Investigative journalist Khadija Ismayilova has used the Right to Obtain Information law to obtain documentation to expose corruption in Azerbaijan. In early 2012, shortly after Ismayilova published an expose of the business interests of the President Aliyev’s daughter, she received a threat telling her to stop her investigations. Ismayilova refused to back down. The next week a video of her having sex with a man was distributed on the internet. Ismayilova, who is unmarried, feared for her safety in Azerbaijan which remains a deeply conservative country.
Throughout Africa, Open Government is also a buzz phrase that has been endorsed by significant institutions. The African Development Bank has launched the “Open Data for Africa” initiative which aims to promote statistical development in Africa as a basis for creating effective development policies to reduce poverty. The African Commission on Human and Peoples’ Rights have also prepared a “Model Law on Access to Information for Africa”. Nation states are also on paper embracing the Open Government concept with Rwanda and Kenya two examples of states bringing forward legislation to this end.
In March 2013, Rwanda became the 11th African country to adopt a freedom of information law. The law also applies to private organisations where there is a public interest and their main activities relate to human rights and freedom. The government claims its objective was to promote Open Governance and hold public authorities to greater scrutiny. However, the law includes broad exemptions where access to information may be restricted in relation to national security, the administration of justice and for trade secrets.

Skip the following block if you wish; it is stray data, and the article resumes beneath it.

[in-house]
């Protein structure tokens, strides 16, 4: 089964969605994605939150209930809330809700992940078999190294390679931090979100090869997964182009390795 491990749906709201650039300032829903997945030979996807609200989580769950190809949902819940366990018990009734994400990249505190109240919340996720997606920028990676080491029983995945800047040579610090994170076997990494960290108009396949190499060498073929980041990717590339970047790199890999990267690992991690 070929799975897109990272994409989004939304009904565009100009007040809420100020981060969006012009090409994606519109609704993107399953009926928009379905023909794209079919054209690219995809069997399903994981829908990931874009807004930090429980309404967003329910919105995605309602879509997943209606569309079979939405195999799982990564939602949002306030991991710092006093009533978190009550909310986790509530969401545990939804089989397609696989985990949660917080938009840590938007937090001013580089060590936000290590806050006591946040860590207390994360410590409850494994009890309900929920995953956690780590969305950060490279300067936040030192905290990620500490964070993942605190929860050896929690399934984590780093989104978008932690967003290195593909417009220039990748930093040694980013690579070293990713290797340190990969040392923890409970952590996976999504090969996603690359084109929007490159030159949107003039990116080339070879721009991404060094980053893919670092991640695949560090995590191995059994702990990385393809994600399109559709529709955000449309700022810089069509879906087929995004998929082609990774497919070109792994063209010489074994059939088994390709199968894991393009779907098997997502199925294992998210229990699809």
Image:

In Kenya, the government launched its Open Data Initiative (KODI) in July 2011. It makes government data such as national census data, government expenditure, parliamentary proceedings and public service locations, open and accessible to people in Kenya. While Kenya has publicly backed Open Government, the legal framework, in particular the Communications (Amendment) Act 2008, provides for heavy fines and prison sentences alongside granting the state the power to raid media houses and interfere in the content of television broadcasts. The Kenyan Union of Journalists condemned the Act claiming it would “emasculate” journalism.
The publication of US State Department cables by Wikileaks demonstrated how the urge to over-classify documents is present even in established democracies. Open Government will only be as good as the data that is released. If Open Government is little more than a public commitment to put train timetables or the location of hospitals online, then it will fail to achieve the aspirations of the Open Government Declaration to tackle corruption, bring citizens closer to decisions or make public services more responsive. Open Government also has to recognise the importance of the media in processing and digesting the data sets and information that governments publish. Without analysis open data sets are just lines of numbers and letters. If the media is not free to do the analysis, or risks reprisals for doing so, Open Government will continue to fail to live up to its promise.
Mike Harris is head of advocacy at Index on Censorship @mjrharrisTags: Azerbaijan | China | Edward Snowden | open government | Rwanda | transparency | wikileaks